By Alex Mangie – On April 1st, my dad died from COVID-19, and nothing Joe Biden says he would have done as president can change that fact. As I watched the first presidential debate this week as Biden stared into the camera and asked the public about how many people sat staring at an empty chair because of Donald Trump’s handling of COVID, his words rang very hollow. He offered harsh criticism over the known results of the last six months and levied judgment the way a football fan would decry a coach’s decision by offering the typical “if I had been the coach, I would not have run that play in that situation” argument, without any proof that plan would have been successful.
Would Joe Biden’s approach to COVID-19 been successful six months ago? It is impossible to know, and empirically it is impossible to prove. Hindsight is 20/20, so for a person like Joe Biden, it is very easy to look at results and say he could have done better without having any ability to prove such a statement. That is why his words are so cheap and insincere, and why his politicizing the death of my father is something I personally resent.
To say my father died from COVID-19 may not be as accurate as saying COVID-19 contributed to his death. My father was overweight, he was fighting an auto-immune disease called temporal arteritis and was taking steroids for it, and after he passed we discovered he had pancreatic cancer. Before COVID-19 ever became an issue, my dad was in bad shape, and undoubtedly in worse shape than he and my family ever realized. Arguably, if COVID-19 had not been the tipping point for my dad’s demise, the pancreatic cancer would likely have taken him this year, or any bout of the seasonal flu or pneumonia would have yielded the same results that COVID-19 brought.
Joe Biden’s plan would not have stopped that. Donald Trump could not stop that. Death comes for us all and no amount of Monday morning quarterbacking would have spared my dad. As of March and April, treatments were unknown. A vaccine was believed to be a year or two out. Doctors and nurses were flying blind and throwing spaghetti at the wall hoping something would stick. The true nature of this virus was still unknown—Biden cited Trump’s closing of travel to China as a xenophobic overreaction, Nancy Pelosi was strolling around Chinatown in San Francisco proclaiming everything was fine, and Dr. Fauci had stated previously that the virus was nothing we need to worry about at the present time. In time, Fauci’s opinion changed, and the administration responded the way it did.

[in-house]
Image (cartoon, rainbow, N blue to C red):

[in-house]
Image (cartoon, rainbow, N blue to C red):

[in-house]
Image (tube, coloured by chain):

Had Joe Biden been president, would his actions have been all that different from what Trump did?
What Joe Biden and the press neglect to mention is that barring some unforeseen departure, Dr. Fauci would have been the constant variable between the Trump administration and a Hillary Clinton administration, or a Biden administration for that matter. Fauci has been on record at Congressional hearings saying Trump’s actions have saved lives, and that they have largely been in agreement with the major decisions that had been made to slow the spread of the virus.
It could be safely argued that Joe Biden would have relied on Fauci’s advice, and ultimately he would have followed suit and barred travel to Europe and China. It can also be safely argued that the medical community would be no better at treating this virus, as this would be a novel virus regardless of which administration was in charge. Biden can say he would have done a better job making testing available or done a better job with PPE and shutting the country down even sooner than it did, but that has as much credence as saying you could have made the game winning field goal if you were on the team last year—any of Biden’s “coulda, woulda, shoulda’s” are bunk, because they cannot be proven. Given the knowledge available in March and April, it is impossible to conclude Biden would have made any significantly different decisions, and that they would have had better results.
For Trump’s part, a Chinese virus was thrust upon the U.S. and he did the best he could with the knowledge available at the time. Deaths from the virus have been on the decline, treatments available now are much better than they were at the onset, and an unprecedented effort has been made to come up with a vaccine in an incredibly short period of time that hopefully will be available in the next few months. Trump’s methods for dealing with the virus have admittedly been imperfect, but any plan for dealing with matters of this gravity will have bumps and failures—particularly when a society conditioned for immediate results and fixes wants a solution for an unknown illness that requires time, resources, and patience.
I do not believe Biden’s response in March 2020 would have been all that different from Trump’s response, and I do not believe Biden could have saved my dad any more than Trump could. Unfortunately for the electorate, Biden has anointed himself as Captain Hindsight, and he would have you believe otherwise—that he could have saved my dad, your grandmother, or your brother. But the fact of the matter is, it is impossible to prove that, and irresponsible of him to suggest that. He and the Democratic Party have been full of vitriol and have been out for Trump since 2015, and to think they would try to politicize the deaths of people like my dad on a false idea makes me nauseous. At the end of the day, my dad is still dead, and Biden’s opinion that he could have changed that outcome is just conjecture and empty words.